Property News

Renting couples in London priced out of starting a home

Em Morley - November 30, 2016

Concerning new research conducted by crowdfunding platform property partner Property Partner has revealed bad news for renters in London looking to start a family.

Data from the investigation shows that those wanting to start a family while renting in London must pay an average of 55.6% of their combined monthly wage to rent a typical three-bed property.

This means that in one year, a couple would have to pay £29,520 in rent, before they even consider childcare and other associated costs.

Monthly expenses

The research looks at average monthly costs for rental prices for one and two bed flats in London. It then looked at how much it would cost to progress to an average three-bed house in each of the capital’s 33 boroughs.

Using the total average net monthly of earnings of a couple in London, amounting to £4,417, the investigation looked at the proportion of salary required to make the step-up.

Worryingly, it indicates that tenants are facing a nigh-on impossible task to rent larger properties in London. In Kensington and Chelsea-the last affordable borough-an average one-bedroom flat would cost more than 59% of their combined income. This rises to 92% for a 2-bed flat and 168% for a three-bed house!

The table below shows that 10 least affordable boroughs in London:

Borough Average rent for 1 bed flat Rent as a % of combined salary for 1 bed flat Average rent for 2 bed flat Rent as a % of combined salary for 2 bed flat Average rent for 3 bed house Rent as a % of combined salary for 3 bed house
Kensington & Chelsea £2,634 59.63% £4,059 91.89% £7,434 168.29%
Westminster £2,602 58.90% £3,864 87.47% £5,978 135.33%
Camden £1,814 41.06% £2,738 61.98% £5,383 121.86%
Tower Hamlets £1,439 32.58% £2,399 54.31% £2,437 55.17%
Hammersmith & Fulham £1,695 38.37% £2,389 54.08% £2,887 65.35%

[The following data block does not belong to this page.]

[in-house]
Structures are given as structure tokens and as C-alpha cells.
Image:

Islington £1,738 39.34% £2,355 53.31% £3,461 78.35%
Southwark £1,589 35.97% £2,194 49.67% £2,608 59.04%
Hackney £1,600 36.22% £2,167 49.06% £2,811 63.63%
Wandsworth £1,480 33.50% £2,152 48.72% £2,591 58.65%
Lambeth £1,485 33.62% £2,099 47.52% £2,325 52.63%
London average £1,311 29.68% £1,839 41.63% £2,460 55.69
Renting couples in London priced out of starting a home

Renting couples in London priced out of starting a home


Dan Gandesha, CEO of Property Partner, said: ‘Our research will come as a shock to tenants in the capital. With London house prices now so high, the ranks of Generation Rent are rapidly expanding. And, as demand for larger rental properties has grown, finding affordable accommodation is increasingly difficult.’[1]

Those unable to buy but hoping to start a family and move up the rental ladder may just be able to make ends meet in outer London boroughs. But the harsh reality is that they’ll be forced to bring up their children in a flat rather than a house. Although everyone knows Kensington and Chelsea, and Westminster, are totally out of reach on an average London salary, the surprise comes with Camden and Islington too.[1]


Continuing, Mr Gandesha noted: ‘Another sobering thought is that our research assumes both partners are in full time employment and earning the average London salary. The figures do not take into account that if a couple have one or two children, the costs of childcare and household bills would make meeting the monthly rent unachievable.’[1]

‘It’s welcome news that the new Chancellor announced £1.4 billion for affordable homes in last week’s Autumn Statement, and that this is across a ‘wider range of housing’. This sounds like a sage commitment to increase the supply of affordable rental stock which will also help control rental prices.’[1]

Concluding, Gandesha said: ‘Traditional landlords though are suffering from recent tax changes including cuts in mortgage interest relief due to kick in next April. With increasing constraints on making a profit or even balancing the books, buy-to-let investors could be forced to either sell up or increase rents. We must ensure more rental homes are built to balance this out.’[1]